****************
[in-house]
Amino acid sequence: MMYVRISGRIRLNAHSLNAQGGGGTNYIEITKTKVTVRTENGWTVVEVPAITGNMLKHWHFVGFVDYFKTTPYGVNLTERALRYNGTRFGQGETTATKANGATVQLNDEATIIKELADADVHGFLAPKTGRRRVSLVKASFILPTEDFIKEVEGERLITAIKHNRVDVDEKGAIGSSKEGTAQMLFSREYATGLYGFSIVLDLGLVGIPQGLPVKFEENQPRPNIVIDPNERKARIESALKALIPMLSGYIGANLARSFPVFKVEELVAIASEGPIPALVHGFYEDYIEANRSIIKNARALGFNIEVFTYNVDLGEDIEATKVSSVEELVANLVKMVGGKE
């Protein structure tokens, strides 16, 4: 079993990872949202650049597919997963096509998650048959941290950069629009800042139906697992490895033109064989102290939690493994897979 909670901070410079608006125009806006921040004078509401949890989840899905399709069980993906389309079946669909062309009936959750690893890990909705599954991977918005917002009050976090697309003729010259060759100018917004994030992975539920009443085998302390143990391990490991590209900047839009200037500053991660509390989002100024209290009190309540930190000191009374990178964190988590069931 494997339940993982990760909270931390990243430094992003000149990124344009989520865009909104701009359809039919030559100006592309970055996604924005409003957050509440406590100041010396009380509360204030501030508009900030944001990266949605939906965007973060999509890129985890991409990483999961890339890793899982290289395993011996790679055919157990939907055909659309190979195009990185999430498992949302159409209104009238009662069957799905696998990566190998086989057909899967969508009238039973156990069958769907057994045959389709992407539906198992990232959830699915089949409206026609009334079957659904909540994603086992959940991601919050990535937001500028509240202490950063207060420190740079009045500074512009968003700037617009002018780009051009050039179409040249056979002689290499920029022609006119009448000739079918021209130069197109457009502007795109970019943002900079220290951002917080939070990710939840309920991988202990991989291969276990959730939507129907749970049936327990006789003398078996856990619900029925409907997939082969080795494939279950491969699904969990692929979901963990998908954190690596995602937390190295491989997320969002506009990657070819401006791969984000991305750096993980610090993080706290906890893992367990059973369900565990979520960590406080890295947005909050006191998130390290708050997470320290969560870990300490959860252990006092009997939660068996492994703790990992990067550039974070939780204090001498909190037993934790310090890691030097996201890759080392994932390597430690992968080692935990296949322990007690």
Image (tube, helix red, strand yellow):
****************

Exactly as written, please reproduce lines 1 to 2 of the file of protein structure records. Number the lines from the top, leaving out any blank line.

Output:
[in-house]
Amino acid sequence: MMYVRISGRIRLNAHSLNAQGGGGTNYIEITKTKVTVRTENGWTVVEVPAITGNMLKHWHFVGFVDYFKTTPYGVNLTERALRYNGTRFGQGETTATKANGATVQLNDEATIIKELADADVHGFLAPKTGRRRVSLVKASFILPTEDFIKEVEGERLITAIKHNRVDVDEKGAIGSSKEGTAQMLFSREYATGLYGFSIVLDLGLVGIPQGLPVKFEENQPRPNIVIDPNERKARIESALKALIPMLSGYIGANLARSFPVFKVEELVAIASEGPIPALVHGFYEDYIEANRSIIKNARALGFNIEVFTYNVDLGEDIEATKVSSVEELVANLVKMVGGKE